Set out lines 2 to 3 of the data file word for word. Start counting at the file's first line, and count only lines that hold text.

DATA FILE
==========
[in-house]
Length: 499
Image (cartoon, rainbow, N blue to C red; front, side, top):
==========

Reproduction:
Length: 499
Image (cartoon, rainbow, N blue to C red; front, side, top):